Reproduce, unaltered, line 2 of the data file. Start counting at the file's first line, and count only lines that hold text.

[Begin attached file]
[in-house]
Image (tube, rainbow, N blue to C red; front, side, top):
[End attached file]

Image (tube, rainbow, N blue to C red; front, side, top):